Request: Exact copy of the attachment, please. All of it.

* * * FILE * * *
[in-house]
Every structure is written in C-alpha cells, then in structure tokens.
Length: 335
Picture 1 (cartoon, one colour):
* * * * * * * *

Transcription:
[in-house]
Every structure is written in C-alpha cells, then in structure tokens.
Length: 335
Picture 1 (cartoon, one colour):